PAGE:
To make matters worse, Microsoft have now developed the Xbox One S, without a Kinect port. This means that if you want to use it, or have an existing Kinect camera, you would need to buy an adapter to use it. I think we can officially call the Kinect dead in the water, no?

PlayStation Move

Nintendo had the Wii nailed down. Its motion controllers and awesome active games made the console and its experience unique and worthwhile.

Enter the PlayStation Move. It seemed that after the success of the Wii, both Microsoft and Sony wanted a piece of that action.

The PlayStation Move was introduced to bridge the gap between the Wii’s flick of the wrist, and the Kinect’s controller-less gaming. Sony came up with a pretty great controller indeed, the PlayStation Move tracked light and motion, which gave it the advantage over the Wii.

Unfortunately, you need to have the software to back the hardware, and Sony did not. With only a handful of titles available when the hardware launched in 2010, gamers felt that taking the dive into the hardware would be risky.

Sony had some great games like Sport Champions and Sorcery, but they were not enough to push people to buy the hardware. Many game also received updates to enable PlayStation Move play, but again, nothing.

Sony might be utilizing the PlayStation Move with their upcoming PlayStation VR, but I have a feeling that it will be phased out for the DualShock 4 instead.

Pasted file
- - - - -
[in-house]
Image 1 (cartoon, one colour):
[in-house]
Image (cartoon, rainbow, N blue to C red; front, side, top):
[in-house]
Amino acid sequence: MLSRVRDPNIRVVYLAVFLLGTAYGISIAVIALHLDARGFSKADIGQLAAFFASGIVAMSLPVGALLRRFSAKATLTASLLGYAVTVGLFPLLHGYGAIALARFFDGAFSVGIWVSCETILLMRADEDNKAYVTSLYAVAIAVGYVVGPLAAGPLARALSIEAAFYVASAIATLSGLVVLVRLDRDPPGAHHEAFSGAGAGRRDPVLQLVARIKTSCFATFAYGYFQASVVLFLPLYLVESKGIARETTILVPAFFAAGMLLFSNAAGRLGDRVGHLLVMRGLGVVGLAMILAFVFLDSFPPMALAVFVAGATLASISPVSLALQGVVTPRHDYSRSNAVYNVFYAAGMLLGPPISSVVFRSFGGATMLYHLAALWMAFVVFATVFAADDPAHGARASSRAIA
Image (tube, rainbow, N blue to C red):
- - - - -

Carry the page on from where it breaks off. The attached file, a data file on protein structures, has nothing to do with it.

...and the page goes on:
Nintendo Wii U

Before everyone sends me death threats, hear me out. Nintendo’s latest console, in all right compared to its previous hardware, was an epic fail. The Wii U was announced at E3 2011, where the gaming giant revealed the successor to the Wii, and entire new console.

The problem here is that no one knew what the Wii U was. Was it a new controller? Which the company advertised the hardware as at E3, or was it a new piece of hardware for the Wii? No one knew for sure as Nintendo was not very clear when it came to explaining the new console.

Then we come to the price point as the console released as the most expensive Nintendo console on the market. Nintendo had very little third-party games to help back up their Wii U library, and even its launch day first party lineup was the worst the company had experienced in generations.

The console however, did very well during its first year, until 2013 where the PS4 and Xbox One were revealed. Coming in at around the same price point as the Wii U, which has not until this day received a price drop, gamers opted for a next generation console rather than the dated Nintendo product.

Nintendo did very little to make the console look appealing, as their only releases, being first-party, suffered delay after delay.

As of March 2016, Nintendo only sold 12.6 million units of the Wii U in 4 years. Comparing this to the massive success of the Wii, which hit 100 million – this is a terrible failure.

Wii U console

Have you fallen victim to any of these hardware fails? Let us know in the comments and forum.

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Biggest gaming technology fails in recent history